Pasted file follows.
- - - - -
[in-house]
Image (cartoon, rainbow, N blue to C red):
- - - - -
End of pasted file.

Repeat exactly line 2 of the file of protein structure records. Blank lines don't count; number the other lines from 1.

Image (cartoon, rainbow, N blue to C red):